For this issue we are looking for writing on music that departs from the implicit and explicit norms of academic music scholarship in favor of a more experimental or creative approach to language and form. “Experimental writing on music” is a broad criterion and we would like to keep it that way. Thus, the following should simply be taken as examples of some possible avenues to pursue:
This past Saturday David Buuck presented at the Bowery Poetry Club for the Segue Series. I say “presented,” rather than “read,” as his reading featured video and song in addition to recitation. David has been exploring a very interesting range of problems in an expanded field of poetry for some time. Some of this is contained in his book The Shunt, which appeared with Palm Press in 2009. Yet the majority of it has been documented through pamphlets the poet-artist-theorist has put out himself, under the moniker BARGE, which stands for The Bay Area Research Group in Enviro-aesthetics, and more recently on Vimeo.
While I have long admired David’s performances, which blend constraint-based writing with movement, dance, and music, this Saturday had an added urgency as he addressed conflicts between participants in the occupy movement and police in his native Oakland.
For years David and I have had an ongoing conversation about the uses (and abuses) of “reenactment” for public demonstration and aesthetic intervention. His 2008 work, Buried Treasure Island (which I discuss in a previous article at Jacket 2, on “Somatic Poetics”), features “pre-enactments” of what he hopes will be future ecological actions and sites, figured through the artist Gordon Matta-Clark for whom he has named a yet-to-be-remediated “park” on the island.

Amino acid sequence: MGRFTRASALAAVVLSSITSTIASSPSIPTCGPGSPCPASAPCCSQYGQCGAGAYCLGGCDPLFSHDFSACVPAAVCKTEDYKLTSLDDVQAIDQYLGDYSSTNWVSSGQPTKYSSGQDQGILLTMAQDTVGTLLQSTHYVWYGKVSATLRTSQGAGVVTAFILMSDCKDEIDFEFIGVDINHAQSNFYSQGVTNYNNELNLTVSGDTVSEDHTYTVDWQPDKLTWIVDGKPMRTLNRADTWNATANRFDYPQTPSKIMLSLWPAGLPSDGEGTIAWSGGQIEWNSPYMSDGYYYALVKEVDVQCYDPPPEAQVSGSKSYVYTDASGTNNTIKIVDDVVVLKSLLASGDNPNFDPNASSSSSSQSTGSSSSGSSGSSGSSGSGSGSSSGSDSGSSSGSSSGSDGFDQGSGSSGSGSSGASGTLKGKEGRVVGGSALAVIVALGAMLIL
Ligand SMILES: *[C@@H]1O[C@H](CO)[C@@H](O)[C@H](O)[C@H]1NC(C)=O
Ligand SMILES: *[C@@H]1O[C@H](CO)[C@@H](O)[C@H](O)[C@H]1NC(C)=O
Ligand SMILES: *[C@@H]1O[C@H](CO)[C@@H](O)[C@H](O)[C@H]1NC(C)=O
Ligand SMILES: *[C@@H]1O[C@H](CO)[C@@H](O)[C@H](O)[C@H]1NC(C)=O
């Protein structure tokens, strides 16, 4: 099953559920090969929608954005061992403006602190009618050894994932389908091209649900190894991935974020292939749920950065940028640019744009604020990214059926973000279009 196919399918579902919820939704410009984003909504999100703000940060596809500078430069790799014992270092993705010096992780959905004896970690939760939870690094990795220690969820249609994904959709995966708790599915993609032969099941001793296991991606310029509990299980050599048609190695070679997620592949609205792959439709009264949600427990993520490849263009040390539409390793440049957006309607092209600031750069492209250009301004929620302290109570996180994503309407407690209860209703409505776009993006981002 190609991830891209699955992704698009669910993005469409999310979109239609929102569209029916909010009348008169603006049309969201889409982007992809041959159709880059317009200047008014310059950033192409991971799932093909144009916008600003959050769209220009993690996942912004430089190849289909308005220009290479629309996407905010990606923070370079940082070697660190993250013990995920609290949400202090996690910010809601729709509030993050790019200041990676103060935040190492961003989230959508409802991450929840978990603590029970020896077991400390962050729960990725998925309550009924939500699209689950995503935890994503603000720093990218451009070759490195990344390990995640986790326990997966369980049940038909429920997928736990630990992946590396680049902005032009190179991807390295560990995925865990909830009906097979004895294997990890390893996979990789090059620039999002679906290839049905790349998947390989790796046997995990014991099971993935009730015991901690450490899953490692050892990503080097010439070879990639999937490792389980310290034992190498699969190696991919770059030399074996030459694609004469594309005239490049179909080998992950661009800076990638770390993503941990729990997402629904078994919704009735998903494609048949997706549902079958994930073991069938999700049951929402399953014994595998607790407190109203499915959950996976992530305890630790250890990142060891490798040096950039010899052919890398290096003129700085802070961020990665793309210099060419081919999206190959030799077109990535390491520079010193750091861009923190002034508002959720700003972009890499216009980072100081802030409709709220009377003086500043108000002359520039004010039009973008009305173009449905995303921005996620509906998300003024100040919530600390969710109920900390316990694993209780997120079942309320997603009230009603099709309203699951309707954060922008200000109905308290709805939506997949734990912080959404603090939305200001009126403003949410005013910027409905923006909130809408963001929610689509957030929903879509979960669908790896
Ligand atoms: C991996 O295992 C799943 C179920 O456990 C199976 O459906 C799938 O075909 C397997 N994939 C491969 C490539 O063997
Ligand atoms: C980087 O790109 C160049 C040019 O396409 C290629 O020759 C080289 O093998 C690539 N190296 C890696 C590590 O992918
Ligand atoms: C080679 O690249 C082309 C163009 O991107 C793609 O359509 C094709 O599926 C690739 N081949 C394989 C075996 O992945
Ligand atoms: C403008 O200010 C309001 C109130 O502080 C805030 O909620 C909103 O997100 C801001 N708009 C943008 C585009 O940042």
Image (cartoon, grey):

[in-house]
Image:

Reenactment came up in a different way through the performance at Segue, where David first read what seemed to be a series of instructions for dance and/or movement (like ones a Yoga instructor might give, or he and I might give our students at Bard College’s Language and Thinking workshop). After reading these instructions — to bend your arm so many degrees, to place your chest on the ground, to exhale in a particular way — David proceeded to read from an Oakland police blotter, which he told me afterwards had been leaked by the hacktivist Anonymous only days before.
In December, I spent a vibrant night at the Cooperifa spoken word salon on the South Side periphery of São Paulo. The open-mic sessions take place every Wednesday at the bar of Zé Batidão, a neighborhood gathering spot in Jardim Guarujá, where up to 300 people of all ages converge weekly to listen to and perform poems. Over the last eleven years, Cooperifa (the name is a compound of cooperativa and periferia) has become well-known in São Paulo and throughout Brazil for uniting and strengthening, through poetry, a community that is marginalized in both social and geographic senses. Sérgio Vaz, a poet and founder of Cooperifa, is widely recognized as a community leader; in 2009, Época magazine named him one of the hundred most influential people in Brazil. Indeed, Cooperifa spoken word is something of a popular movement that has spread beyond São Paulo.